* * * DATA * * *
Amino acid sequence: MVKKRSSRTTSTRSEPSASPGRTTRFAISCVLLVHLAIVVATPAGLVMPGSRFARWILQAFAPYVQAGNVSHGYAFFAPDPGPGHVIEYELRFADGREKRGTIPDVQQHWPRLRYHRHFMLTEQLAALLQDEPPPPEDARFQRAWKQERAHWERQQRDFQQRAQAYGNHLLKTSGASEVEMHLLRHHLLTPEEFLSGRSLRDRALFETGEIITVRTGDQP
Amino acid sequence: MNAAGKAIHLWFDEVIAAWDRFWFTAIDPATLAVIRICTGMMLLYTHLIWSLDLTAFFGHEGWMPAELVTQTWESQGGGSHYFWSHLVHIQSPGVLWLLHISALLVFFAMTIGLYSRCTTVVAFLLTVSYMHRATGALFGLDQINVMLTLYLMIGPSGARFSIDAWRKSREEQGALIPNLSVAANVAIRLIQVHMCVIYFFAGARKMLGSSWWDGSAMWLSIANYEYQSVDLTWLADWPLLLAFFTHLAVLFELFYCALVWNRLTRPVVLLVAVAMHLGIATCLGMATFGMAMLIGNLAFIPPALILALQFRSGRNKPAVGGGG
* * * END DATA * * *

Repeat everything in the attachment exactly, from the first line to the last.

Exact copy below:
Amino acid sequence: MVKKRSSRTTSTRSEPSASPGRTTRFAISCVLLVHLAIVVATPAGLVMPGSRFARWILQAFAPYVQAGNVSHGYAFFAPDPGPGHVIEYELRFADGREKRGTIPDVQQHWPRLRYHRHFMLTEQLAALLQDEPPPPEDARFQRAWKQERAHWERQQRDFQQRAQAYGNHLLKTSGASEVEMHLLRHHLLTPEEFLSGRSLRDRALFETGEIITVRTGDQP
Amino acid sequence: MNAAGKAIHLWFDEVIAAWDRFWFTAIDPATLAVIRICTGMMLLYTHLIWSLDLTAFFGHEGWMPAELVTQTWESQGGGSHYFWSHLVHIQSPGVLWLLHISALLVFFAMTIGLYSRCTTVVAFLLTVSYMHRATGALFGLDQINVMLTLYLMIGPSGARFSIDAWRKSREEQGALIPNLSVAANVAIRLIQVHMCVIYFFAGARKMLGSSWWDGSAMWLSIANYEYQSVDLTWLADWPLLLAFFTHLAVLFELFYCALVWNRLTRPVVLLVAVAMHLGIATCLGMATFGMAMLIGNLAFIPPALILALQFRSGRNKPAVGGGG